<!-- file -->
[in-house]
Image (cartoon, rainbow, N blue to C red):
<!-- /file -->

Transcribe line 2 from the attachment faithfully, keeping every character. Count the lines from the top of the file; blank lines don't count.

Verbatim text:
Image (cartoon, rainbow, N blue to C red):